The various 'Alice in Wonderland' references in the town, such as the Mad Hatter Tearooms, can be explained by a resident of the churchyard; but this is no Disneyland - this is the real thing. A charming village surrounded by a beautiful landscape.
Towns and Villages
Three Lyndhurst Curiosities
Alice in Wonderland
For most of her life, Alice Pleasance Liddell (Hargreaves) lived in and around Lyndhurst in the New Forest. Alice was the inspiration for the character in Alice's Adventures in Wonderland by Lewis Carroll. After her death she was cremated and her ashes were buried in the graveyard of the church of St. Michael & All Angels, Lyndhurst. The memorial plaque reads: "The grave of Mrs Reginald Hargreaves. The "Alice" in Lewis Carroll's "Alice in Wonderland"".
Sir Arthur Conan Doyle
"Steel true/Blade straight/Arthur Conan Doyle/Knight/Patriot, Physician, and man of letters" is the inscription on the gravestone of Sir Arthur Ignatius Conan Doyle, creator of Sherlock Holmes, buried in nearby Minstead Churchyard. Originally buried in 1930 in the rose garden of his home in Crowborough (East Sussex), Arthur Conan Doyle was reinterred alongside his wife in Minstead in 1930.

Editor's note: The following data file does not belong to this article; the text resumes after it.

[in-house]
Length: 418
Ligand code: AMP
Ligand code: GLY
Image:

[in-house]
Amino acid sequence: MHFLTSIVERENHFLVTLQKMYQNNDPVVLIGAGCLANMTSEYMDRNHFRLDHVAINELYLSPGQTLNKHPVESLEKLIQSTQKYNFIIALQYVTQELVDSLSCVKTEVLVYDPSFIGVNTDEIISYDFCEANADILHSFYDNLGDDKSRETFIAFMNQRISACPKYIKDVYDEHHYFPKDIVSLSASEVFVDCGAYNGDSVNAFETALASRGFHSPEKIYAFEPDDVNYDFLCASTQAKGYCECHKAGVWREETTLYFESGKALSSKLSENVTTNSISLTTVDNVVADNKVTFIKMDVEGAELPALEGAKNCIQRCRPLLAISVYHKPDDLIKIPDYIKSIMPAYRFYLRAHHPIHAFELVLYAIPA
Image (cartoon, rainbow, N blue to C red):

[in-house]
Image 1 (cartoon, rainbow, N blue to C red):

Androgynous Home of Verderers
The ancient Verderers' Court sits at the Queen's House in Lyndhurst. However, the building was once known as the King's House; and presumably will be again, as it changes its name according to the gender of the sitting monarch. It is the principal building owned by the Crown in the New Forest and is also the local headquarters of the Forestry Commission.